What would Squeak be like without non-local returns

Andreas Raab andreas.raab at gmx.de
Wed Nov 7 08:31:58 UTC 2007

Igor Stasenko wrote:
> On 07/11/2007, Andreas Raab <andreas.raab at gmx.de> wrote:
>> Same answer (though strictly speaking you may get an error that you
>> can't *wait* in an eventual system).
> This doesn't change anything, you may put:
> (1 to: 1000000 atRandom) do: [1+1]
> instead of delay.

Sure. But it makes no difference. I was only pointing this out for 

> Hmm. An example above was to show that when running in parallel there
> is equal chance to get to ^3 or ^4 first.

No, there isn't. It's simply not how it works. This code cannot run in 
parallel because it's on the same island (necessarily so for non-shared 
state concurrency since blocks have access to receiver variables) and 
can therefore *not* be executed in parallel. The order is completely 
deterministic - scheduling the message in the future *guarantees* that 
it will be executed only after the ^4 has completed. It can't be any 
other way for it to work; if you'd want to run it in parallel you'd need 
to copy it to a different island first in which case the return value 
from the method would *still* be 4! It's completely deterministic, the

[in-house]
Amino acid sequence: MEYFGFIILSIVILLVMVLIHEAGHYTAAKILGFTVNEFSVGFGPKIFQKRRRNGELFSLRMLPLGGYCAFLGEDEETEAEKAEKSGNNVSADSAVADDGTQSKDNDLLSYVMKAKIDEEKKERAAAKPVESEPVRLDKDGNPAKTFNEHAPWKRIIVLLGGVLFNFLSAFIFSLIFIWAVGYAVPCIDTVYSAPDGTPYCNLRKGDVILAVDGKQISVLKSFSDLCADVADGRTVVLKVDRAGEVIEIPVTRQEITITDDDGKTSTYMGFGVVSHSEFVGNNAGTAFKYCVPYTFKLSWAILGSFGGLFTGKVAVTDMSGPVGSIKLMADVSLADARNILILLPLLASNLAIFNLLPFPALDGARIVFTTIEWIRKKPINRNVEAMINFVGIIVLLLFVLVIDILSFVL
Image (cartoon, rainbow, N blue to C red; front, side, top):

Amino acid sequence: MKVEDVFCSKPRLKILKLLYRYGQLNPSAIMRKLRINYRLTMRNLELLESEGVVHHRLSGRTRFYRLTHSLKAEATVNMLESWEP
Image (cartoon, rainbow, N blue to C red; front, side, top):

result is 4.

> And in previous message you described behavior, when running code gets
> to ^4 first. But what if it gets to ^3 first?

It cannot. It simply cannot. If you don't understand why, then you don't 
fully understand how E and Croquet works. The block is created in the 
same island as the receiver. When it is passed to another island (as 
argument to the future ifTrue: message) it will be converted into a 
remote reference. This reference only understands future messages (all 
the immediate messages relate entirely to its role as a reference not 
the underlying object) which is the reason why I distinguished these 
cases in the True>>ifTrue: code (simply because #value on a remote 
reference has no bearing on executing the block that this reference 
points to but scheduling a future value message does).

This in turn means that the second island (the one containing the 
boolean) *must schedule* the future #value with the first island which 
means that the first island will only execute it after the ^4 has been 
executed. It is the *only* way in which this can work in an event-loop 

What happens is something like here:

Island A:                                     Island B:
->message starts running
   -> aBool future ifTrue:[] ..... -> .....  <schedules True>>ifTrue:>
   -> Delay wait

                        ... time passes ...
            <at this point Island A is running the message>
            <and Island B has the #ifTrue: message scheduled>

                                                -> executes True>>ifTrue:
    <schedules aBlock value>   ..... <- .....   <- aBlock future value
                                                -> True>>ifTrue: finishes

                      .... time passes ....
             <Island A is still not finished with the delay>
             <Island B has posted the eventual #value to Island A>

   -> Delay wait ends.
   -> message returns 4
-> message completes

        <Now, and *only* now the pending #value call will be executed>

-> aBlock value starts
    -> Attempts to [^3]
    -> Raises BlockCannotReturn

The result is 4. Each and every time.

   - Andreas

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